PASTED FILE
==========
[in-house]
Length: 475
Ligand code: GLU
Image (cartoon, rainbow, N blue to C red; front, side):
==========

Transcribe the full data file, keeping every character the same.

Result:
[in-house]
Length: 475
Ligand code: GLU
Image (cartoon, rainbow, N blue to C red; front, side):